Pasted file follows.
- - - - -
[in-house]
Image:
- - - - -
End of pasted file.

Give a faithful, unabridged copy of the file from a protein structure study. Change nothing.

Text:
[in-house]
Image: